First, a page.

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Why food allergy ‘fakers’ are harmful

Why food allergy ‘fakers’ are harmful

Food allergy fakers, please stop. Faking food allergies at restaurants is dangerous for the people with actual allergies.

On a recent weekend away in Paris, there was one subject on all restauranteurs’ minds: allergy fakers! As you know by now, I always bring my allergy card with me. Not only does the card help me dine out, but it also acts as a catalyst for many discussions about food allergy patrons in restaurants, thus all the talk of fake allergies.

It all started when we met some family friends whose son is opening a fine dining restaurant in Berlin. Since he is opening a restaurant, we talked a lot about food allergies and how to handle them in service. He said that they get a lot of emails about people with random ‘allergies’. For instance when parsley is in season, there just so happens to be a bunch of individuals with a parsley allergy. Hmmmmmm well, that is odd… right!? Can you imagine how frustrating that is for the chef?

The conversation continued at two of my favourite restaurants in Paris – favourite because they handle my allergies with finesse and respect (see the end of this post for more details). I asked the waiter if they get many people with food allergies and at the second restaurant the waiter just launched into a discussion about fakers at the sight of my allergy card.

Both are professional waiters and both had similar experiences explaining that people come with a list of very confusing allergies. To them, it is evident they don’t have food allergies. Why? Inconsistency and not taking it seriously.

What to do about allergy fakers?

To the food allergy fakers:

When you fake an allergy, you are putting someone with a real allergy at risk. Restaurants are getting overwhelmed by fakers. You don’t realize how much work it takes for them to ensure we get a safe meal. They need to clean a complete workstation, use new utensils, get out fresh ingredients, and potentially pull someone off a station to solely prepare our meal. All that and they still have to prepare everyone else’s meals promptly.

Instead of faking just tell them straight up you don’t like whatever it is and ask for the meal without it. This way they don’t have to go through all the extra steps just because you dislike parsley.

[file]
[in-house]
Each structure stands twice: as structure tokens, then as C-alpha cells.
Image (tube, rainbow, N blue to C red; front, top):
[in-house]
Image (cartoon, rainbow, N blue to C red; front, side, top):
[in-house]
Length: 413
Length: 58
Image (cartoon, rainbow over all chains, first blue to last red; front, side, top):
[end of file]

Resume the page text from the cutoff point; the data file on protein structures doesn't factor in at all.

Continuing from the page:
To folks with food allergies:

One thing I got from my discussions was when you walk into a restaurant with an allergy card and a precise way of talking about your food allergies you will stand out from the fakers. Bring your allergy card and be confident and clear when explaining your allergy.

One more thing about ordering in a restaurant, I like to order a meal that needs little to no alterations for my allergies. This way you get to eat out and make the kitchen staff’s life a little easier. Also, be flexible you may only get your third or fourth choice. (Here are my 8 Tips for eating out with food allergies).

If you are nice but firm then I promise your dining experience will be a courteous one.

Check out more adventures in Paris!

Food allergy fakers, please stop. Faking food allergies at restaurants is dangerous for the people with actual allergies.
View Comments (16)
  • I just spent a week cooking for 64 people at gluten-free camp. We had a list of 12+ kids that had add’l dietary restrictions. I panicked when one of my campers accidentally took a bun that had egg in it, which was on his “no” list. I called mom and she said that she lets him have it “sometimes.” We had many kids who we later found ouy could have some foods “in small doses” which makes it harder to take all of them seriously. Luckily no one got sick last week and no cases of anaphylaxis.